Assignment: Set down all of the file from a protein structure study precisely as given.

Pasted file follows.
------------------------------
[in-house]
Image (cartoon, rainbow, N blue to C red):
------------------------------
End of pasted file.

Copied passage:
[in-house]
Image (cartoon, rainbow, N blue to C red):